Fascist Group Identity Evropa Begins Poster Campaign, Anarchists Respond

Submitted to It’s Going Down:

IEpic

Identity Evropa (IE) is a white nationalist and fascist formation headed by Nathan Damigo, a veteran and former leader of the National Youth Front (NYF), which was the youth wing of the Neo-Nazi American Freedom Party, which itself is connected to the Golden State Skinheads (GSS) and headed by LA corporate lawyer, William Johnson. Damigo was convicted of a hate crime several years ago after he pulled a gun on a cab driver in New York while intoxicated and since then has become a key player in the expanding white nationalist movement that seeks to create an all-white fascist ethno-state akin to the Confederacy on North American soil.

IE-01

 

Damigo is close with Johnny “Monoxide” Ramondetta of Berkeley, CA who does a white nationalist podcast, “John Hess,” a Neo-Nazi in the Phoenix, AZ area, and Richard Spencer of the National Policy Institute (NPI) who resides in Whitefish, MT. After holding a rally on UC Berkeley in May of 2016, Identity Evropa began a poster campaign in the bay area and beyond. The posters were all quickly found and destroyed and the pictures posted by the group were often of flyers that had been ripped down over a week before, largely by random individuals on the street.

IE-02

 

Despite this, its seems that IE have been using the publicity of the event and the contacts made to ship out full color posters throughout the US. In response, people in various cities are going out and destroying this crap. If you see one in a city you live in, please get to work! Even if you don’t live in the cities listed but know someone that does, hit them up now. While you’re at it, take some time to put up some anti-fascist ones as well! See list of potential posters below.

IE-03

 

With a call out for solidarity with Sacramento Anti-Fascists on July 10th, make this an opportunity to bring people together and not only find the Neo-Nazis posters and destroy them, but also put up posters, banners, and stickers of our own. Don’t let groups like IE grow and expand, let’s smash them in their tracks and build our movement in its place. Send in reports, tweets, and pictures to itsgoingdown.org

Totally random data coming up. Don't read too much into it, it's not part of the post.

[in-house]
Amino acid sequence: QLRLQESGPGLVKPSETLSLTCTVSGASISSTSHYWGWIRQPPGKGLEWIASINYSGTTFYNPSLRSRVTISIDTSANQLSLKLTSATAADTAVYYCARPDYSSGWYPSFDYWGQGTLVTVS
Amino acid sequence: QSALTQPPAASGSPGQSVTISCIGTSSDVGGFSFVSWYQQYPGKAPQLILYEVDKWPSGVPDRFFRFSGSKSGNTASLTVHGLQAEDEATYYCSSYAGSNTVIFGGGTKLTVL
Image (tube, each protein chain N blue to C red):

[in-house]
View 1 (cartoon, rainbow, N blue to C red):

IE-04

 

Cities Currently With IE Posters:

San Francisco, California (also here)

Santa Rosa, California

San Diego, California 

Fairfield, California 

Fort Lauderdale, Florida

Topeka, Kansas

Charlotte, North Carolina

Wichita, Kansas (also here)

Aspen, Colorado

Philadelphia, Pennsylvania 

Birmingham, Alabama

Houston, Texas

Dallas, Texas 

Atlanta, Georgia
 

Already Destroyed:

destroyed-IE-01

 

 

 

 

 

 

 

 

 

 

 

 

 

 

 

 

 

 

 

 

 

Tempe, Arizona

destroyed-IE-02

destroyed-IE-03 destroyed-IE-04
 
Minneapolis, Minnesota

 
destroyed-IE-05
 
Chicagoist also wrote a story that essentially is a rewrite of this one.
 
Chicago, Illinois

destroyed-IE-06
 
Berkeley, California

destroyed-IE-07
 

 

 

 

 

 

 

 

 

 

 

 

 

 

 

 

 

 

Kansas City, Kansas
 

Anti-Fascist Poster PDFs

Anti-Fascist Zone
 
Make the Guillotine Red Again
 
Solidarity with the Anti-Fascist Combatants
 
Support the Sacramento Anti-Fascists
 
Nazi Scum, Your Time Has Come
 

Anti-Fascist Flyer PDFs

Antifa Zone (Size 1)
 
Antifa Zone (Size 2)
 
Keep the City Nazi Free (Size 1)
 
Keep the City Nazi Free (Size 2)
 
No Nazis
 

How to Make and Use Wheatpaste

‘The Walls Are Alive:’ How to Guide From CrimethInc.
 
Wheatepaste Recipe
 
How to Make Wheatpaste in 2 Minutes